Whether or not a Block II Super Bug could really beat out a F-15K deriative, needless to say this is some good info on the latest in the Super Bugs. With JMHCS, AIM-9X, AESA APG-79, and the ACS I like Block II Fox models, but Echoes are a waste of scrap!
Now all we need is that funds for GE increased thrust version of the F414's and Block III Fox Bugs will be a real competitor to F-15K's!
Super Hornet Next Candidate for Singapore Competition
Carrying its first combat markings, Boeing's F/A-18E/F Super Hornet is a candidate for the next major fighter competition, in Singapore. The island nation is looking for 20 high-end fighters and expects to short-list three aircraft from six candidates (Eurofighter Typhoon, Rafale, F-16 Block 60, Su-30MK, F-15 and the Super Hornet) this summer.
While full details of the Super Hornet's performance in Iraq have not been released as yet, the fighter performed a wide range of missions. VFA-115, based on the USS Abraham Lincoln and one of two single-seat F/A-18E squadrons engaged in Operation Iraqi Freedom, delivered 350,000 pounds of ordnance during the war. The aircraft flew long-range close-air-support missions with 4,000 pounds of recoverable ordnance and delivered weapon loads as heavy as 8,000 pounds per aircraft. VFA-115 Super Hornets were also used extensively as tankers: the fighter brings the Navy an organic "combat tanker" capability that it lost when the last KA-6 Intruders were retired. The squadron's Hornets flew 18-20 tanker sorties per day, each of them supporting two combat sorties.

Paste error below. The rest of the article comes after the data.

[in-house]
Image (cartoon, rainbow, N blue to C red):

The two-seat F/A-18Fs of VFA-41 were the first U.S. aircraft to use a helmet-mounted display (HMD) in combat, employing the Vision Systems International Joint Helmet-Mounted Cueing System (JHMCS) on Strike Coordinating Armed Reconnaissance (SCAR) missions. Using JHMCS, Super Hornet crews could detect a target visually, determine its exact coordinates and pass its location to a single-seat fighter. These aircraft also made the first combat use of the new Shared Reconnaissance Pod (SHARP).
Now rolling down the St Louis assembly line are the first Super Hornets with a redesigned forward fuselage. With a composite skin and frames and bulkheads produced with the help of high-speed machining, the new fuselage has 40% fewer parts than the original design and offers better access for maintenance. It will also accommodate the Raytheon APG-79 active electronically scanned array (AESA) radar and advanced crew station (ACS) in the rear cockpit, with an 8 x 10-inch display. Together, these are now defined as the Block 2 configuration.
With the Lockheed Martin F-35 Joint Strike Fighter on the horizon, Boeing is emphasizing the two-seater F/A-18F and its electronic attack derivative, the EA-18G. The company has leased the first F/A-18F back from the Navy and will use it to demonstrate the value of a two-seat fighter in complex missions, and as a "node" in a networked battlefield. The majority of the Super Hornets yet to be delivered to the Navy are two-seaters, and the service is carefully channeling its remaining F-14 radar intercept officers (RIOs) through Block 1 F/A-18Fs so that they will form a core group of weapon system officers (WSOs) on the Block 2 aircraft.
Boeing points out that the AESA and the big-screen rear cockpit are complementary. The AESA can switch between air-to-air and air-to-surface modes so quickly that they appear to operate concurrently-and this capability can be exploited fully if the pilot takes charge of the air-to-air picture while the WSO searches for surface targets.
Boeing expects to receive a contract for the second multi-year production (MYP) batch of F/A/18E/Fs later this year. Under present plans, the Navy intends to buy a total of 550 Super Hornets, including 90 EA-18Gs.